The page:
Lone Star Stories: June 2009
So begins Leah Bobet’s “The Parable of the Shower”, a story about the visitation of an angel and the task it gives to the narrator - to make her pregnant. Leah Bobet strikes just the right tone with “The Parable of the Shower”, with the incredulity and irreverence from the narrator (because really, an angel appearing the shower?).
The angel of the LORD cometh upon you in the shower at the worst possible moment: one hand placed upon thy right buttock and the other bearing soap, radio blaring, humming a heathen song of sin.
Fear not! he proclaimeth from the vicinity of the shampoo caddy, and the soap falleth from thy hand.
Motherfu—thou sayest, and then thou seest the light, the wings, the blazing eyes like sunlight and starlight both at once, and since thy mother raised thee right thou coverest thy mouth with one hand and makest the sign of the cross with the other. It is the soap-hand which covereth thy mouth: thou gett'st soap in thy mouth, and spittest—away from the angel of the LORD—and do not curse again though it is terrible hard.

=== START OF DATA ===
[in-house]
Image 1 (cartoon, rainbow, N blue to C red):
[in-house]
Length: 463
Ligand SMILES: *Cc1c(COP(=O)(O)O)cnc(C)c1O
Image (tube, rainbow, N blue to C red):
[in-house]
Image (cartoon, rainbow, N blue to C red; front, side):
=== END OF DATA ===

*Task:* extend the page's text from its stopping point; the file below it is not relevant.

To answer your first question – yes Bobet does use “thee”, “thou”, and “-eth” throughout the story. In any other circumstance it would be overdone and obnoxious. But, when there is constant angelic communication AND when the narrator continues to protest up the angelic chain of bureaucracy, this is a damn funny sorry. Umm...please excuse the blasphemy.
“The Parable of the Shower” is not a strict comedy, though it is quite funny (to me). There is a deadly serious aspect about how this sort of thing might go down today. This is not entirely a re-imagining of the manger story with a modern spin. Jesus already came and went and there is such a thing as the Bible. This is for the next Son of God. Maybe this is the official Second Coming, maybe not. Doesn’t matter.
It’s a delightful story.